Is it a case of record fatigue – or does America simply not very much care for its latest home run king? In a final weekend of the baseball season that saw records cascading left, right and centre field, Barry Bonds landed the big one. Only three years ago, Mark McGwire's 70 home runs in a single season seemed an Everest. On Friday night by San Francisco Bay, Bonds scaled that peak with almost insulting ease, smiting numbers 71 and 72 and crowning an unbelievable offensive year.
And yet baseball, a sport with a sense of its history and fixated by statistics as no other, has been oddly unmoved, at least until these final few days. And it's not just because of the shadow of 11 September – though that ghastly event has cast a pall over everything, sport included, rendering almost indecent such innocent pastimes as dreaming about home run records old and new.
Nor is it because Bonds plays for the San Francisco Giants, meaning that much of the saga has unfolded in the Pacific time zone, too late to make evening TV or the main editions back East where the media that matters is concentrated. Nor can we blame the lack of excitement on the lack of a race like 1998's, when McGwire and Sammy Sosa slugged it out to the very last game.
No, for the gentlemen of the sporting press, Barry Bonds just isn't a person to warm to. Babe Ruth was larger than life, and fondly forgiven his every peccadillo. ''Big Mac'' is an amiable ox, Sosa an impish, permanently smiling individual plainly thrilled to be at the centre of national attention. Bonds' quest this year has been a dry, rather lonely affair – as befits the man himself.
Now you can't but admire Bonds the athlete, 37 but in better physical shape than ever, with his compact, flat swing and lightning fast hands. A McGwire homer is a massive, epic heave which launches the ball into the heavens. A Bonds homer is like a rifle shot, sending the ball as far, but with seemingly the tiniest of backswings. He is a baseball thoroughbred too; son of Bobby Bonds, in his time an All-Star with the Giants, and godson of the greatest and most beloved Giant of all, Willie Mays – slugger, sensational outfielder, and with 660 home runs one of just six players ahead of him on the all-time career list. But Barry Bonds the person?
Read the press, and he seems to have spent most of 2001 trying to avoid his journalistic pursuers, driven by a single, surly fixation on his goal. At best he is an introspective figure, not given to smiling banter; on occasion he has given the impression of hating the whole thing. Only in the last couple of weeks, as he closed in on McGwire, has Bonds become front page national news, a shaft of normality amid the encircling terrorist gloom. But even so, the media pack of 400 trailing him around the country is only half the number who followed McGwire and Sosa.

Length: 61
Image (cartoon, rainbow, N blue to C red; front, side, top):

A suspicion lingers: is Barry playing for the team, or for himself? His patience in waiting for the right pitch to hit is legendary. But purists debate whether he should have helped the Giants more in their own quest, for a play-off spot this year. "What's shocking is that Bonds has only driven in 61 runners apart from himself," writes Tom Boswell, one of America's most eminent baseball scribes, in the Washington Post. "Bonds has done an amazing job of producing least when it mattered most – with men on base or a rally in progress. But he's hit a ton of solo homers." Then there is the devaluation of records in general and home runs in particular. In the space of this last week, Cal Ripken, the game's best-loved current player and holder of the longest consecutive games streak, retired. Rickey Henderson has broken Ty Cobb's all-time career record for runs scored. The Seattle Mariners have shattered the American League record for wins in a season. Bonds himself had just broken Babe Ruth's record for walks in a season before he shattered the home run mark.
And the home run itself, still arguably the most thrilling spectacle in sport, is losing its cachet. In baseball's first 127 years, Boswell notes, there were only 18 50-homer seasons; when Babe Ruth reached the 60 mark for the first time in 1927, it was a miracle for the ages. His record stood for 34 years, and the 61 hit by Roger Maris in 1961 lasted even longer.
These days 50 means no more than a very good year, while since 1998 there have been six 60-plus homer seasons – three from Sammy Sosa, two from McGwire. Now Big Mac is history, and Bonds is on 72 and counting. A couple of years, and someone will hit 80 homers. Blue ribands are supposed to last longer than that.Reuse content